Why Facebook Might Not Be Best for Your B2B Company

Joe Stych
Joe Stych / Published July 24, 2014

Ever since Facebook launched fan pages, social-savvy brands have been exploiting them as free access to a super-engaged audience. Whether it's link-bait headlines or the race to write the most hilarious newsworthy meme, the Facebook News Feed has become a renewable resource of potential customers for marketing departments worldwide.

But lately it seems like Facebook’s free lifeline to its users is falling short of expectations. It’s less clearer than ever that brands are getting real reach and engagement for the effort they put in. And for businesses with few resources to spare, that’s a problem.

In fact, some companies are not even deeming Facebook worthy of their marketing man-hours. Gregory Ciotti, a marketing strategist at Help Scout who focuses on bringing organic traffic to his site via public relations, SEO and writing efforts, shut down his company's Facebook page after just a month of poor reach and dismal engagement numbers.

Gregory Ciotti

“In a nutshell, our stance of Facebook is that it doesn't offer enough of a return for a B2B company like ours to warrant the time spent,” says Ciotti. “It isn't all that great for customer service, and frankly, it's better to funnel people to a single channel when you have a small team.”

With a crew of 11 and growing, Help Scout’s business centers on providing companies with a streamlined customer service platform that gives teams useful metrics, collaboration tools, and a more personal customer experience stripped of the “do not responds” and case numbers of traditional help desk software. Help Scout empowers other businesses to make customers happy, so those other businesses (not individuals) are core to their acquisition strategy.

Simply put: Facebook’s average user and Help Scout’s target customer don’t exactly match up.

“Help Scout is not in an industry that has enough social currency to pull people away from vacation photos and babies—in other words, people don't go on Facebook to get educated on customer service,” Ciotti says. “Are you really going to struggle with that ‘free fall’ of reach and spend time on a platform that doesn't even have your ideal audience to begin with?”

The Age of Organic Reach on Facebook is Over

When Ciotti says “free fall,” he means the plunging from an airplane (sans parachute) kind. There’s some convincing evidence to suggest that organic reach on Facebook is nosediving, and that Facebook purposely shut off the propeller. According to a study conducted by Social@Ogilvy, the average Facebook post last October was getting to 12.05% of a page’s fans—that number plummeted to 6.15% in February 2014.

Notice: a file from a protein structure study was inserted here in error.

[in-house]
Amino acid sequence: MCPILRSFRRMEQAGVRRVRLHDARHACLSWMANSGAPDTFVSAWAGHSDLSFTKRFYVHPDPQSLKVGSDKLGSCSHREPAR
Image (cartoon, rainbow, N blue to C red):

Social@Ogilvy chart
Analysis of 100+ Facebook Brand Pages around the world with more than 48 million total fans conducted by Social@Ogilvy in Febraury 2014.

Things aren’t any better for big-name fan pages: organic reach has dropped from 4.04% to 2.11% for pages with 500,000-plus likes in the same timespan.

Eventually, the author of Social@Ogilvy's study expects organic reach to hit zero, warning that “specific decisions will need to be made with regard to content planning, paid support for social media activities, audience targeting and much more.” Tech gossip and news blog Valleywag even has an anonymous source at Facebook who says that the company is in the process of slashing organic reach to 1%. In other words: Facebook is cutting off the complimentary marketing.

If you've spent time and money building your Facebook fan base, you might feel swindled—and envious that Help Scout chose a different path.

Surprisingly, Facebook isn’t denying the decline. They acknowledge that overall reach is falling, and that the best way to combat drooping numbers is a pricey injection of post promotion.

That’s all fine for Pepsi or McDonalds, but for a smaller company like Help Scout? Don’t count on big spends, or big returns.

B2B Companies are Flailing for Engagement